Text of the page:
Today is National Bake Cookies Day. Seems to me we just celebrated cookie day. *scrolls back through previous posts and discovers it was Homemade Cookie Day*
Not that I’m complaining, mind you. One can never have too many cookies. Unless one eats too many and one feels ill afterward. Glad that’s never happened to me. Certainly never the still-warm cookies that require taste testing.
This is prime baking season in my house. My fruitcake was baked a month ago and has been “fed” with whisky every Wednesday since. Why Wednesday? Why not?
I’ve baked these chocolate chip cookies twice in the past month. I’ve also baked a test recipe for America’s Test Kitchens, and a batch of Pecan Fingers. Yesterday I baked Swedish Christmas Cookies and a second batch of Pecan Fingers. I predict there’ll be at least one more batch of Pecan Fingers before the end of the year. They’re hubby’s favourite.
I don’t often veer from the tried and true cookie recipes. They’re part of what makes this season so special. A real tree in the corner, a turkey in the oven, and a plate of sugar cookies, shortbread cookies, and Pecan Fingers all combine to make the season bright. <grin>
Do you have foods that scream “Christmas” to you?
According to a list of weird and wacky holidays and celebrations, today is National Noodle Ring Day. Um…I need a bit more information. Is it the case that we’re celebrating ring-shaped noodles? Is the creation of ring-shaped noodles so noteworthy we need to devote a day in celebration? I think someone is pulling our collective leg. I certainly won’t be running out to purchase a can of the famous chef’s ring-noodles-in-sauce to serve at my banquet.
I mailed my Christmas cards today. The list of friends and relations getting an actual paper card in the actual mail is shrinking as we move more and more recipients to the email version. I think that’s sad in a way. Receiving an email card just isn’t quiet as satisfying as a paper card. And you can’t prop an email card on the mantelpiece, or stick it in a decorative card holder (ours is a wreath topped by a snowman), or suspend it along with its fellows on sewing thread around doors and windows. But with the price of postage increasing, and the relative ease of sending an e-card, using technology to spread cheer and holiday wishes makes sense. We’ll also save a few trees. Except that will mean less work for the foresters and pulp mill operators and the greeting card manufacturers. A conundrum.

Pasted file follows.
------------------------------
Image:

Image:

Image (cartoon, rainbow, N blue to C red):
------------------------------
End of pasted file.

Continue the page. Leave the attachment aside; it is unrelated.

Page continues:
Do you send greeting cards? Paper, or via the Internet, or a mix of the two?
Here’s an excerpt from the upcoming release (THIS FRIDAY!!!) of my next book, Love and Turmoil. You can pre-order now if you'd like to be one of the first to get your cute little hands on this fun story.
Arabella and Sam are discussing a way to protect her family.
“We’ll be affianced for a few hours at most. There can be no talk of—of—love. Or any other nonsense. Please, don’t mention this in front of the girls.” She licked her parched lips. “Not until I’ve had a chance to explain—”
“Arabella.” He clasped her hand, enveloping it in his calloused grip. “I was speaking in jest.”
“Oh—I see. Forgive me.”
“There is nothing to forgive.”
“Thank you.” She suspected she could lose herself in his eyes if she allowed it. Deep blue with silver flecks. Just like the ocean on a summer day. She focused on his hand as it held hers, large, tanned, strong. A man’s hand attached to a man’s body, with all its man parts.
Here’s what the story is about:
Six months after burying her wastrel husband, Lady Arabella Woodbridge has resigned herself to a lonely life in the countryside with only her two adopted nieces for company. Being a young, respectable widow is – frustrating. Then the charming and wickedly handsome Samuel Payn takes up residence in the neighboring manor house.
Retired explorer and occasional pirate Samuel Payn is on a two-fold mission – retrieve buried loot, and locate the father who abandoned his mother to a life of poverty. But a gang of murderous villains is also after the buried treasure. And someone is threatening to tear apart the lovely widow’s family.
Will Sam’s single-minded determination to uncover his true identity threaten Arabella’s happiness - and his life?
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